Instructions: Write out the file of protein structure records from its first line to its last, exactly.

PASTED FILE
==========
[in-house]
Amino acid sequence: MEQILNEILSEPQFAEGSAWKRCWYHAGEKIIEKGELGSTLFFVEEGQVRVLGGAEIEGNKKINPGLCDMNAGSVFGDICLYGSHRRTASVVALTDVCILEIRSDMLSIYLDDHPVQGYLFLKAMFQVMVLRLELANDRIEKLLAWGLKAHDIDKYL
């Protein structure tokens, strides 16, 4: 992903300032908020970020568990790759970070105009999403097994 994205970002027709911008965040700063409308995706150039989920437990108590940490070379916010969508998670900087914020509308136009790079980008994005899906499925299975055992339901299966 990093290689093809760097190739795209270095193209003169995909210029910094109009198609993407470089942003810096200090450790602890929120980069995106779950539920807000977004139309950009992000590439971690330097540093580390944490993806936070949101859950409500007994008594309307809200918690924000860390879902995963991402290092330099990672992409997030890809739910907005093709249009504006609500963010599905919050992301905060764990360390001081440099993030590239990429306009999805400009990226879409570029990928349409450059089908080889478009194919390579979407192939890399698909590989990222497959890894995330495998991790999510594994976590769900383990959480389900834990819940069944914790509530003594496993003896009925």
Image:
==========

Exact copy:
[in-house]
Amino acid sequence: MEQILNEILSEPQFAEGSAWKRCWYHAGEKIIEKGELGSTLFFVEEGQVRVLGGAEIEGNKKINPGLCDMNAGSVFGDICLYGSHRRTASVVALTDVCILEIRSDMLSIYLDDHPVQGYLFLKAMFQVMVLRLELANDRIEKLLAWGLKAHDIDKYL
């Protein structure tokens, strides 16, 4: 992903300032908020970020568990790759970070105009999403097994 994205970002027709911008965040700063409308995706150039989920437990108590940490070379916010969508998670900087914020509308136009790079980008994005899906499925299975055992339901299966 990093290689093809760097190739795209270095193209003169995909210029910094109009198609993407470089942003810096200090450790602890929120980069995106779950539920807000977004139309950009992000590439971690330097540093580390944490993806936070949101859950409500007994008594309307809200918690924000860390879902995963991402290092330099990672992409997030890809739910907005093709249009504006609500963010599905919050992301905060764990360390001081440099993030590239990429306009999805400009990226879409570029990928349409450059089908080889478009194919390579979407192939890399698909590989990222497959890894995330495998991790999510594994976590769900383990959480389900834990819940069944914790509530003594496993003896009925």
Image: